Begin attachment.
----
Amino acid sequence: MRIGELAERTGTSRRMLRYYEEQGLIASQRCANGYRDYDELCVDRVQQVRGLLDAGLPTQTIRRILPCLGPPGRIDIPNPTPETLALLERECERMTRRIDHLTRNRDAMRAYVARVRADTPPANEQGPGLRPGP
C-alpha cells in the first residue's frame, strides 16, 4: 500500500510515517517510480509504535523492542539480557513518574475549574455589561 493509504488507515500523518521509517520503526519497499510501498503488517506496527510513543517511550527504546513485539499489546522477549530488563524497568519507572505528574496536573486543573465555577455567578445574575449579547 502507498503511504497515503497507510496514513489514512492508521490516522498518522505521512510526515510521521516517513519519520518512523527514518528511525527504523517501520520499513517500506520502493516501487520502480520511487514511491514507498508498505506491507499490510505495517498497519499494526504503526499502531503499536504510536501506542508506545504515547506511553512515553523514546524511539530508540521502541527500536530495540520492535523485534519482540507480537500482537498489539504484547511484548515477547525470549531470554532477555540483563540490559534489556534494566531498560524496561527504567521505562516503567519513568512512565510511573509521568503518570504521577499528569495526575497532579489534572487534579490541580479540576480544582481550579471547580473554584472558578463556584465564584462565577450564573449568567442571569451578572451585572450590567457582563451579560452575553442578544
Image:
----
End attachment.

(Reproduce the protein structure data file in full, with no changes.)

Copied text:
Amino acid sequence: MRIGELAERTGTSRRMLRYYEEQGLIASQRCANGYRDYDELCVDRVQQVRGLLDAGLPTQTIRRILPCLGPPGRIDIPNPTPETLALLERECERMTRRIDHLTRNRDAMRAYVARVRADTPPANEQGPGLRPGP
C-alpha cells in the first residue's frame, strides 16, 4: 500500500510515517517510480509504535523492542539480557513518574475549574455589561 493509504488507515500523518521509517520503526519497499510501498503488517506496527510513543517511550527504546513485539499489546522477549530488563524497568519507572505528574496536573486543573465555577455567578445574575449579547 502507498503511504497515503497507510496514513489514512492508521490516522498518522505521512510526515510521521516517513519519520518512523527514518528511525527504523517501520520499513517500506520502493516501487520502480520511487514511491514507498508498505506491507499490510505495517498497519499494526504503526499502531503499536504510536501506542508506545504515547506511553512515553523514546524511539530508540521502541527500536530495540520492535523485534519482540507480537500482537498489539504484547511484548515477547525470549531470554532477555540483563540490559534489556534494566531498560524496561527504567521505562516503567519513568512512565510511573509521568503518570504521577499528569495526575497532579489534572487534579490541580479540576480544582481550579471547580473554584472558578463556584465564584462565577450564573449568567442571569451578572451585572450590567457582563451579560452575553442578544
Image: